5:35 IRENAEUS: Concerning Jerusalem and the Lord, they venture to assert that, if it had been “the city of the great King,” it would not have been deserted. This is just as if any one should say, that if straw were a creation of God, it would never part company with the wheat; and that the vine twigs, if made by God, never would be lopped away and deprived of the clusters. But as these vine twigs have not been originally made for their own sake, but for that of the fruit growing upon them, which being come to maturity and taken away, they are left behind, and those which do not conduce to fructification are lopped off altogether; so also it was with Jerusalem, which had in herself borne the yoke of bondage (under which man was reduced, who in former times was not subject to God when death was reigning, and being subdued, became a fit subject for liberty), when the fruit of liberty had come, and reached maturity, and been reaped and stored in the barn, and when those which had the power to produce fruit had been carried away from Jerusalem, and scattered throughout all the world. Even as Isaiah says, “The children of Jacob shall strike root, and Israel shall flourish, and the whole world shall be filled with his fruit.” The fruit, therefore, having been sown throughout all the world, Jerusalem was deservedly forsaken, and those things which had formerly brought forth fruit abundantly were taken away; for from these, according to the flesh, were Christ and the apostles enabled to bring forth fruit. But now these are no longer useful for bringing forth fruit. For all things which have a beginning in time must of course have an end in time also. Against Heresies, 1.465-466.

IRENAEUS: Listen to Him when He says, “The kingdom of heaven is like a king who made a marriage for his son, and he sent forth his servants to call them who were bidden to the marriage.” And when they would not obey, He goes on to say, “Again he sent other servants, saying, Tell them that are bidden, Come, I have prepared my dinner; my oxen and all the fatlings are killed, and everything is ready; come to the wedding. But they made light of it, and went their way, some to their farm, and others to their merchandise; but the remnant took his servants, and some they treated despitefully, while others they slew. But when the king heard this, he was angry, and sent his armies and destroyed these murderers, and burned up their city, and said to his servants, 'The wedding is indeed ready, but they which were bidden were not worthy. Go out therefore into the highways, and as many as you shall find, gather in to the marriage.' So the servants went out, and collected together as many as they found, bad and good, and the wedding was furnished with guests. But when the king came in to see the guests, he saw there a man not having on a wedding garment; and he said to him, 'Friend, how did you come in here, not having on a wedding garment?' But he was speechless. Then the king said to his servants, 'Take him away, hand and foot, and cast him into outer darkness: there shall be weeping and gnashing of teeth.' For many are called, but few are chosen.”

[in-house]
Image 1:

Now, by these words of His, does the Lord clearly show that there is one King and Lord, the Father of all, of whom He had previously said, “Do not swear by Jerusalem, for it is the city of the great King;” and that He had from the beginning prepared the marriage for His Son, and used, with the utmost kindness, to call, by the instrumentality of His servants, the men of the former dispensation to the wedding feast; and when they would not obey, He still invited them by sending out other servants, yet that even then they did not obey Him, but even stoned and slew those who brought them the message of invitation. He accordingly sent forth His armies and destroyed them, and burned down their city; but He called together from all the highways, that is, from all nations, guests to the marriage feast of His Son. Against Heresies, 1.516-517.

5:36 CLEMENT OF ALEXANDRIA: The more, then, a man endures to the end, the more truly venerable is he, having God alone as his senior, since He is the eternal aged One, He who is older than all things. Prophecy has called him the “Ancient of days; and the hair of His head was as pure wool,” says the prophet. “And none other,” says the Lord, “can make the hair white or black.” The Instructor, 2.275.